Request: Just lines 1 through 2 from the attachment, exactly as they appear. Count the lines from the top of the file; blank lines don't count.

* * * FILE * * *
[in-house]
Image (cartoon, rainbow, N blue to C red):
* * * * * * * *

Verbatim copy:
[in-house]
Image (cartoon, rainbow, N blue to C red):